hands outA True Life Story

I know what it’s like to want to do the right thing, but you can’t.  When you’re hanging onto faith like a life jacket and it’s a battle to not sink into depression and hopelessness.

It’s easy for people who are not affected by this tough Immigration issue to judge cruelly.  The same questions arise from the accusers: why don’t you just go back?  Why do you continue to break the law?

The frustrations are overwhelming.  I want to do the right thing.  But like millions of others I’m continuously asking: how?  The accusers will say that we’re a drain on the economy.  The accusers will say that we’re criminals.  Both are untrue but the accusations still stab my heart.

It’s only when these pointing fingers come face to face with a real person that maybe they begin to understand.  And best case maybe their hearts will break when they truly understand the suffering.

It’s not about a law.  It’s about a person.  Flesh and a beating heart.  It’s about a human being with dreams, desires to give back and longings to be reunited with family.

My heart is filled with pain when I think about my 15 month old nephew…who I’ve never met.  I was forced to stop taking Amtrak because Immigration raids began that year and the agents were on board ready to toss out any undocumented person.  Is it fair?  Yes, legally it honestly is.  Is it inhumane, unkind?  Yes.

Do I dare travel by plane?  No.  So as of right now while the Immigration Reform battle continues, I have only ever met my niece.  I met her when she was only two, and now I can’t help tearing up knowing she’s a little lady of five years.

Three years have gone by without me being able to see her.  Three years of not being able to touch her hair, play and giggle with her.  And my heart breaks when I see pictures of her and me together knowing that I can’t physically be with her.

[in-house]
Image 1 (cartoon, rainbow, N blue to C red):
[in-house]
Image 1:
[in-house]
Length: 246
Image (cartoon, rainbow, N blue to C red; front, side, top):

When I think about my father being overseas a lump rises up in my throat and it’s impossible not to cry.  Six years.  Six excruciatingly long years since I’ve been able to see him.  He is still in the country that I left years ago to pursue a better life for myself.  We talk on the phone but there is no substitute for having the person right in front of you, to see their smile and to feel their love.

One of the darkest moments in my life came when I confessed my undocumented status to an American woman.  She was a Christian, someone who I thought I could confide in and trust.  Her response?  Disgust.  That was her response.  When I needed a compassionate friend, this woman had only this to say: “Oh, so you’re an illegal alien?  You’re like those Mexicans that jump over the border.”

Wow.  Two punches in a row.  Illegal alien.  Does any citizen of this great country not realize the emotional and psychological damage that is done by these horrible, demoralizing words?  Illegal?  Alien?  Am I an unidentified flying object?  A citizen of another planet?

But that’s the reality of how many undocumented immigrants have been made to feel like: unwelcomed guests from another weird world.

I do not seek a hand out.  I don’t want money thrown at me for nothing.  I just want to live in the same country as my sibling, niece and nephew.  I just want a good life.

I just want FREEDOM and dignity.

I just want to come out of the shadows… and every Father’s Day is just another reminder to me that this Immigration system needs to be fixed…and quickly.

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